located in Lujiazui, Pudong, Shanghai, China. Even though it was once the world’s tallest
building in 2015, it still has the world’s highest observation deck and the world’s
fastest elevators, with a speed of 46 mph (74 km/h or 20.5 m/s). With 106 elevators, it’s a wonder how long
it would take to visit all 128 floors. The Shanghai Tower is owned by the city government
and is utilized for office, retail, and leisure. Construction by the Shanghai Construction
Group began in November of 2008 and ended in February of 2015. This building cost 15.7 billion…. Yuan; in US currency, that’s about $2.4
billion. Number 1: Burj Khalifa
The Burj Khalifa, also known as the Burj Dubai, is Arabic for “Khalifa Tower.” It is known as a “megatall” skyscraper,
located in Dubai, United Arab Emirates. It stands at a staggering 2,722 ft. (829.8
m), making it the tallest building in the whole wide world. It cost $1.5 billion to build, and took architect
Adrian Smith and the rest of the developers and contractors, 5 years to complete, from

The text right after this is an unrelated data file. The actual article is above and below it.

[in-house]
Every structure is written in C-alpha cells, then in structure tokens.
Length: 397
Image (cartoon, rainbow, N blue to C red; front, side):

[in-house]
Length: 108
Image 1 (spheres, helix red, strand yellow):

2004 to 2009. The building features 163 floors, of which
154 are usable, 2 below-ground parking levels, and it is optimally used for hotel and residential
space. Wondering how to get to the top? Thanks to the Otis Elevator Company, you can
choose from 57 elevators. The Burj Khalifa is primarily made of steel,
glass, and aluminum with a primary reinforced structure of concrete. The World’s Top 10 Tallest Buildings are
some of the greatest tourist attractions and busiest areas in their respective cities. Even though some of the tallest buildings
have been around for years, many of the buildings that made the top 10 were completed within
the last few years. Have you ever been to any of the buildings
on this list? If so, which ones and how did it feel being
on the roof? Let us know in the comments. Thanks for watching, and don’t forget to
subscribe, click like, and leave a comment!